(CNSNews.com) - In a more than 3,900-word proclamation establishing 87,500 acres of the Katahdin Woods and Waters in Maine a national monument, President Barack Obama bypassed Congress and its power to create national parks – a move that has made some in the state unhappy, including the state’s governor, Republicans and an Independent lawmaker in the U.S. Congress.
On the eve of the National Park Service’s 100th anniversary on Aug. 24, Obama issued the lengthy proclamation that includes references to glaciers retreating 12,000 years ago, people living there for more than 11,000 years and the end of the logging livelihood there “based primarily on environmental concerns” in the 1970s.
Following the announcement, the MaineBiz website gathered reaction to Obama’s executive order.
"President Obama is once again taking unilateral action against the will of the people, this time the citizens of rural Maine,” Republican Governor Paul LePage said in a statement. “The legislature passed a resolution opposing a National Monument in the North Woods, members of Maine's Congressional delegation opposed it and local citizens voted against it repeatedly.”
LePage cited the Quimby family, specifically Roxanne Quimby, co-founder of Burt’s Bees who owned the 87,500 acres of land east of Baxter State Park that she gave to the federal government, according to the Banger Daily News.
“Despite this lack of support, the Quimby family used high-paid lobbyists in Washington, D.C., to go around the people of Maine and have President Obama use his authority to designate this area a National Monument,” LePage said. “This once again demonstrates that rich, out-of-state liberals can force their unpopular agenda on the Maine people against their will."
Sen. Susan Collins (R-Maine) also cited Obama’s decision to bypass not only Congress but also Maine state legislators.
"While I recognize that the president has the legal authority to designate national monuments, I believe he should not have used his executive authority given the objection lodged by the Maine Legislature, the lack of consensus among Mainers who live in the area, and the absence of congressional approval,” Collins said.
“Bypassing Congress and taking this action without the support of the state and the local communities circumvented discussions of alternatives such as the creation of a national recreation area or management by the Forest Service — proposals that might have had broader support than the president unilaterally designating a national monument,” she added.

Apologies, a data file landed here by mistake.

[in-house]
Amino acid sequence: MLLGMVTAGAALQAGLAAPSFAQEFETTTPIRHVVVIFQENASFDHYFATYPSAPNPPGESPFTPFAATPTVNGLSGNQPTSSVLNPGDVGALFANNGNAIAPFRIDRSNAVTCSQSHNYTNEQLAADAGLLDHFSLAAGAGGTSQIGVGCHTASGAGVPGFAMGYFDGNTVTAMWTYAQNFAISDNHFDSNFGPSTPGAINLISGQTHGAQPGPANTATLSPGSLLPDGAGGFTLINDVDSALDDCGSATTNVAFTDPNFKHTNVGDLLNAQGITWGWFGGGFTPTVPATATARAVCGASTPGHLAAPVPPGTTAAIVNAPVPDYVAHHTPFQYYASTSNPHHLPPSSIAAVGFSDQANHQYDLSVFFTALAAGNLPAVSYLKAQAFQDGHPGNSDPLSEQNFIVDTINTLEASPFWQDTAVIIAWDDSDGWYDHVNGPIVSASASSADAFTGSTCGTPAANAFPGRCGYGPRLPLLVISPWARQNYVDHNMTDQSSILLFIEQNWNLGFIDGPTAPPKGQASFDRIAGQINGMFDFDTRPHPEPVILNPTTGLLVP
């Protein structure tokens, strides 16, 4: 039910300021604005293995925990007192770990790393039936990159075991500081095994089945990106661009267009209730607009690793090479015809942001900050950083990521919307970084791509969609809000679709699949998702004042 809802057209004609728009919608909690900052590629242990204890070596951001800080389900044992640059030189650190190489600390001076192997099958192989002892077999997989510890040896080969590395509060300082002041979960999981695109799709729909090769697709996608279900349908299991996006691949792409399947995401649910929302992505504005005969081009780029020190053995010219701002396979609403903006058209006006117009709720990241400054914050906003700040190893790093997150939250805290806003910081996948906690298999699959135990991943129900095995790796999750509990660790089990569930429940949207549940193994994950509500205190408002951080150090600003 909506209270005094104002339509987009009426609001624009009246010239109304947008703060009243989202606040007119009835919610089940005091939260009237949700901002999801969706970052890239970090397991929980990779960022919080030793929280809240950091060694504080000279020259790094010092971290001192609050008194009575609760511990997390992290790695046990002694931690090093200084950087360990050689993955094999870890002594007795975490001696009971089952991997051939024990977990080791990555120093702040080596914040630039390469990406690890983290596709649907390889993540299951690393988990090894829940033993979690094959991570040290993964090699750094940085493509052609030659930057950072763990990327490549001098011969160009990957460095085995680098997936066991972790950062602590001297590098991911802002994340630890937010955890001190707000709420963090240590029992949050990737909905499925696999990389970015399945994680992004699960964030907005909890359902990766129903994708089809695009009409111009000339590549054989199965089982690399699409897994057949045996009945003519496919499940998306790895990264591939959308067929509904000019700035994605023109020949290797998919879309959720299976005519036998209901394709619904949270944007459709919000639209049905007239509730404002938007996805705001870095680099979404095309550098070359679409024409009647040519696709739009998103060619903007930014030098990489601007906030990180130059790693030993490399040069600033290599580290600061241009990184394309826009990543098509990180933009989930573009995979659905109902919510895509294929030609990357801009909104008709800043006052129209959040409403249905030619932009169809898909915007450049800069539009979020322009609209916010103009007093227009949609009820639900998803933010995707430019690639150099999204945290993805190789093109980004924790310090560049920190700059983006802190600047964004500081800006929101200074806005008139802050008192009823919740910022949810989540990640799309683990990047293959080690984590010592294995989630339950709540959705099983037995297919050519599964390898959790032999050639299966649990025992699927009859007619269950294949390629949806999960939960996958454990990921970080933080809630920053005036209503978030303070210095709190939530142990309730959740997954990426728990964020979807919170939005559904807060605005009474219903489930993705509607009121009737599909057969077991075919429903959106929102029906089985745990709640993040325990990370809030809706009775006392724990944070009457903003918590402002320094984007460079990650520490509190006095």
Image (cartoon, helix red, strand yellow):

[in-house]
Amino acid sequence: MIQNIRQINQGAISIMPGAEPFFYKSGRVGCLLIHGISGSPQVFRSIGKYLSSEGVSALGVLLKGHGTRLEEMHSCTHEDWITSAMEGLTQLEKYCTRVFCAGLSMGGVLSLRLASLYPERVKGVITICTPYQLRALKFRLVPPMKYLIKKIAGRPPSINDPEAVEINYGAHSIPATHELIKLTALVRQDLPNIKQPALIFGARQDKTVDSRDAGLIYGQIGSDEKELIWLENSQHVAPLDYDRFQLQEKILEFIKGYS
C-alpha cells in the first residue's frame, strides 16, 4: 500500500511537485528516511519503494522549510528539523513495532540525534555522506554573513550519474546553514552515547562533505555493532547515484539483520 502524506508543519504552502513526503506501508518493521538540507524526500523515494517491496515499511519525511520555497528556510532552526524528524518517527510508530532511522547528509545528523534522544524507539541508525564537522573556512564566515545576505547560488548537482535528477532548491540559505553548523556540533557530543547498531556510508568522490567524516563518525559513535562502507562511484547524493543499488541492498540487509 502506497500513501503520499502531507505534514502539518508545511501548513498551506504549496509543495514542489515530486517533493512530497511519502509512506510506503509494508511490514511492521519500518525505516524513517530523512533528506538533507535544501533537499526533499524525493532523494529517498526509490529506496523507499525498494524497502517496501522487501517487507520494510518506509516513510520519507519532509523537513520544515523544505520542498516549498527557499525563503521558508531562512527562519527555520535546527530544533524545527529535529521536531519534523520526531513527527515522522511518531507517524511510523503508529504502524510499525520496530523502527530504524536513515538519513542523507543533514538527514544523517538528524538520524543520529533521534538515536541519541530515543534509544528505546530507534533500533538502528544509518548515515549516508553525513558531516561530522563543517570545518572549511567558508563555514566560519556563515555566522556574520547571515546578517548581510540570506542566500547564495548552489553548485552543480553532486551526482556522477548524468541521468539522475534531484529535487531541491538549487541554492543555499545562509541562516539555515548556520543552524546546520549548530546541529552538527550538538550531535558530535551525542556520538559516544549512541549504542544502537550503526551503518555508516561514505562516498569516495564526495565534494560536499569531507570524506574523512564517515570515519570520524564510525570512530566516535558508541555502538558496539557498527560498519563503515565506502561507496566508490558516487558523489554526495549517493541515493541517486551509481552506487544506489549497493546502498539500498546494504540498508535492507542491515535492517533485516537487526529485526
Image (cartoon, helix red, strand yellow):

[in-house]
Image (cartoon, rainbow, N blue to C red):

“This monument designation gives rise to a host of questions ranging from simple logistical matters to fundamental questions such as what will the impact be on taxpayers and whether the National Park Service, with its nearly $12 billion maintenance backlog, can afford to manage this new federal acquisition,” Collins said. “While the Quimby family's promise of a $40 million endowment is generous, it is difficult to see how that amount can possibly cover the startup and ongoing costs of the monument area."
"For some, this designation is welcome, while others will meet it with skepticism or outright opposition — but for all of us it is a change, and change is always hard,” Sen. Angus King (I-Maine) said in a statement. “That is why I think it is important that we respect both the excitement as well as the concerns that will follow this announcement.
“And it is why I will continue to work with people on both sides of this issue and the Park Service to ensure that the day-to-day implementation of the monument plan lives up to its promise,” King said.
Rep. Bruce Poliquin (R-Maine) said he and other lawmakers contacted Obama about their concerns ahead of his proclamation.
"As Maine's representative in Congress for the 2nd District, I joined Sens. Collins and King in sending a letter to President Obama last November expressing reservations about the unilateral decision to designate a national monument in our state,” Poliquin said. “We jointly raised concerns about the idea and urged the president to listen to local voices.
“Several communities most impacted by such a plan voted in non-binding referendums on the proposal in the Katahdin Region and in every instance the people voted in large numbers to oppose the concept,” Poliquin said.
Rep. Chellie Pingree (D-Maine) supports Obama’s decision and praised Quimby.
“The American people owe a debt of gratitude to Roxanne Quimby for this incredible act of generosity,” Pingree said. “She worked hard to build a great company from the ground up, and the first thing she did when she sold it was to figure out how to give back to the people of Maine by donating this land.”
The Banger Daily News noted that it is the 25th executive order Obama has issued to create a monument since 2011. The monument is the nation’s 151st since 1906, according to a National Park Service listing.